Families, small investors fill Manhattan office void
New buyers accounted for majority of $50M acquisitions in second half of 2022
Institutional investors have left the Manhattan office market in the lurch in recent months, but family offices and smaller investors are moving to fill the gap.
Wealthy families and small developers have comprised a growing share of transactions in the wake of the market downturn, Bloomberg reported. The subset of buyers are seizing on deals as owners contend with rising interest rates and default risks.
During the second half of last year, 11 office deals in Manhattan closed for at least $50 million, according to Savills. Among those, seven of them featured a family office or non-institutional investor as the buyer. In the first half of that year, those entities accounted for almost none of the purchases.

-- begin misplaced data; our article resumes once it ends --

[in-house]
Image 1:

Despite the wealth of some of these firms, it has been difficult to enter a market dominated by institutions with mounds of cash. But a lane has opened in the past year as these companies don’t need to justify choices to committees or go through a lengthy decision-making — they can simply go for it and hope the office market turns around down the road.
“One person’s trash is another person’s treasure,” Marisha Clinton, senior director of Northeast regional research at Savills, told Bloomberg.
The prominent family office purchases of the second half of last year included the son of a Quebec businessman who founded one of Canada’s largest biotech companies; Carlo Bellini purchased 175 Water Street in Lower Manhattan — the former AIG headquarters — from the Vanbarton Group for $252 million.
Another notable deal was the $320 million purchase of 1330 Sixth Avenue, which was acquired by investors including Josh Rahmani and Ebi Khalili’s Empire Capital, Hakimian Capital, CH Capital Group, Creed Equities and Nassimi Realty.
The window for family offices to jump into the market at a discount could close at any time, the investor told Bloomberg.
“I think that when the rebound happens, it’ll happen very quick with international money, so while opportunities exist, we’re very quick to react on assets that we like,” Rahmani said.
— Holden Walter-Warner